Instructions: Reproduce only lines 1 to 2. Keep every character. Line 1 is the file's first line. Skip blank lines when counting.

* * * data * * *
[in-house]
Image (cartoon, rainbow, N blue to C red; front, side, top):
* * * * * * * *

[in-house]
Image (cartoon, rainbow, N blue to C red; front, side, top):